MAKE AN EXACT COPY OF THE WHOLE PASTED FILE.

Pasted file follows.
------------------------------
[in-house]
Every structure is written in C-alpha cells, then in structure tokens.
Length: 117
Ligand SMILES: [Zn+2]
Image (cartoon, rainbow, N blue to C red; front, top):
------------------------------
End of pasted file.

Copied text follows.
[in-house]
Every structure is written in C-alpha cells, then in structure tokens.
Length: 117
Ligand SMILES: [Zn+2]
Image (cartoon, rainbow, N blue to C red; front, top):